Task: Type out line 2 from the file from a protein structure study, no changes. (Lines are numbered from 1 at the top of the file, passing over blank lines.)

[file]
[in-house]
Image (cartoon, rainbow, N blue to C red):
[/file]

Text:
Image (cartoon, rainbow, N blue to C red):